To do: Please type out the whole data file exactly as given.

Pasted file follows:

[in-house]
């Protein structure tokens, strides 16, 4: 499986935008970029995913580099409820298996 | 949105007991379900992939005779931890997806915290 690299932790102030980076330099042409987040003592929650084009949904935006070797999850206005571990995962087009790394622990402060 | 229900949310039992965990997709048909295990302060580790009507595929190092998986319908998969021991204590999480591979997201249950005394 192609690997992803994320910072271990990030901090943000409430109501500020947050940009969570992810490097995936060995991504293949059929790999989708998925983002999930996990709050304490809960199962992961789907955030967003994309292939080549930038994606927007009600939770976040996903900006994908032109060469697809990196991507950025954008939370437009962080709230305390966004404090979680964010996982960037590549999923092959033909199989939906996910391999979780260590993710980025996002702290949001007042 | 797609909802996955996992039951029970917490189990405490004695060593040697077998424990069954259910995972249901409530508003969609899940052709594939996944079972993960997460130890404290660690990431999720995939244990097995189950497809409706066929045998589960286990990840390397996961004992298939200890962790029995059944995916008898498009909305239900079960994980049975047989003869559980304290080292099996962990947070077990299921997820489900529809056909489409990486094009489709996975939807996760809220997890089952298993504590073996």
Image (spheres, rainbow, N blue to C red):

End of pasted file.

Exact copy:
[in-house]
């Protein structure tokens, strides 16, 4: 499986935008970029995913580099409820298996 | 949105007991379900992939005779931890997806915290 690299932790102030980076330099042409987040003592929650084009949904935006070797999850206005571990995962087009790394622990402060 | 229900949310039992965990997709048909295990302060580790009507595929190092998986319908998969021991204590999480591979997201249950005394 192609690997992803994320910072271990990030901090943000409430109501500020947050940009969570992810490097995936060995991504293949059929790999989708998925983002999930996990709050304490809960199962992961789907955030967003994309292939080549930038994606927007009600939770976040996903900006994908032109060469697809990196991507950025954008939370437009962080709230305390966004404090979680964010996982960037590549999923092959033909199989939906996910391999979780260590993710980025996002702290949001007042 | 797609909802996955996992039951029970917490189990405490004695060593040697077998424990069954259910995972249901409530508003969609899940052709594939996944079972993960997460130890404290660690990431999720995939244990097995189950497809409706066929045998589960286990990840390397996961004992298939200890962790029995059944995916008898498009909305239900079960994980049975047989003869559980304290080292099996962990947070077990299921997820489900529809056909489409990486094009489709996975939807996760809220997890089952298993504590073996």
Image (spheres, rainbow, N blue to C red):